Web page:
Although early films were silent, as in no dialog or recorded music, there was plenty of sound in most theaters. Large theaters employed an orchestra. Smaller theaters & those with lower budgets relied on a photoplayer. The photoplayer (“photo” from photoplay & “player” from player piano) was built specifically to provide music & sound effects for silent movies. These machines appeared around 1912 & were used in medium sized theaters. Photoplayers were inexpensive to operate because you didn’t have to be a musician to play them—they were also playable by way of player piano rolls. But the person at the bench did change rolls & add the sound effects, as you can see in this demonstration.
Joe Rinaudo is playing his American Fotoplayer in the video above, which was featured on Huell Howser’s California Gold.
The photoplayer used a fascinating combination of piano, organ pipes, drums, & various sound effects designed to narrate the action of any silent film. Pedals, levers, switches, buttons, & pull cords were all used to turn on the xylophone, beat a drum, ring a bell, create the sound of thunder, or chirp like a bird.
When sound films came into being in the late 1920’s, the photoplayer became passé. Of the thousands of American Fotoplayers made during their heyday, sadly less than 50 survive, & of those only 12 are known to be in playing condition. One of those 12 is in Joe’s living room. & his neighbors ask him to leave the door open when he’s playing the instrument, as they love the happy sound.
Joe discusses the American Fotoplayer in depth, with video & photographs, here.
Laurel & Hardy: greatest comedy duo of all time
Quoted from “The 25 Best Comedy Duos“ by Martin Chilton at The Telegraph:
Writer Kurt Vonnegut once said that his favourite comedians were Laurel & Hardy. “I used to laugh my head off at Laurel & Hardy,” said the author of Slaughterhouse-Five. “There is terrible tragedy there somehow. These men are too sweet to survive in this world & are in terrible danger all the time. They could so easily be killed.” What survives of the comedians – American Hardy died in 1957 & English-born Laurel died in 1965 – is 107 films released between 1921 & 1951. Their catchphrase was: “Well, here’s another nice mess you’ve gotten me into!” & their mixture of slapstick, wordplay & utterly charming comedy makes them the greatest comedy duo of all time. The Music Box, which depicts the pair’s hapless attempts to move a piano up a large flight of steps, won the first Academy Award for Live Action Short Film (Comedy) in 1932. “Those two fellows we played,” Oliver Hardy told an interviewer, “they were nice, very nice people. They never got anywhere because they were so very dumb, only they didn’t know they were dumb.”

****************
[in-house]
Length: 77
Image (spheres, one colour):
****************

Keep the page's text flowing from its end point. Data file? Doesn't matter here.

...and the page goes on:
Above all, Laurel & Hardy are wonderfully, upliftingly, silly:
Ollie: “Call me a cab.”
Stan: “You’re a cab.”
(Another Fine Mess, 1930)
Laurel & Hardy’s influence is alive & well in The Simpsons. Homer’s repeated use of the word “D’oh” was inspired by Jimmy Finlayson, the mustachioed Scottish actor who appeared in 33 Laurel & Hardy films.
fine nice mess (d’oh)
The famous catch phrase of Laurel & Hardy, from Another Fine Mess, is often misquoted as “Well, here’s another fine mess you’ve gotten us into.” The actual phrase in the film is “Well, here’s another nice mess you’ve gotten me into.”
This scene is from “The Stolen Jools,” a short made in 1931 “with more prominent stars than have ever before appeared in any one feature” as stated at the beginning of the film. The stars appeared as cameos to help raise funds for the National Variety Artists tuberculosis sanitarium. You can watch the entire film here on YouTube. It’s great to see all the old stars in one film & there are some funny lines & gags.
Who is your favorite comedy team with an ampersand?
Laurel & Hardy? Abbott & Costello? Burns & Allen? Lucy & Desi? Martin & Lewis? French & Saunders? Tom & Jerry? Wallace & Gromit? Any others?
Comment here (or below if you see a big blue box).